Within the city limits of Yangon, there is a community of some 20,000 people living without electricity, without water, and without waste collection. Even in this, admittedly, under-serviced city this is a low-water mark. They deserve better. Anyone does.
A French NGO, Green Lotus, who is working with the community, approached us to see if we could help with the waste management part. Our concept of structuring up organic waste and building soil resonated with their vision. And for us, it would be the ideal project to test our methods against all possible odds.
An urban farm would be the obvious solution.
But the problem is that the community has no land, and most of it is under water for half the year. There aren’t enough jobs, and money is scarce.
So… A farm?
Obviously we wanted to give this a go.
We spent some time out in the community talking with people and felt very strongly that we wanted to be part of this. We met a lot of people we liked, they seemed to trust us, even if they couldn’t really get their heads around what we were proposing.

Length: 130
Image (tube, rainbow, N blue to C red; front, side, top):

Actually, it wasn’t even that sure we knew ourselves what we were proposing, but we knew that if we started somewhere, did something, we would gradually find our feet and make it work.
The French team was starting out with a waste survey. They wanted to find out what waste was generated daily and weekly by the sample group of 30-40 households. We interviewed each family in their home, asked them to collect their waste for a few days, and we went through all of it (later) by hand to see what we had.
Surprisingly little food waste from each family actually.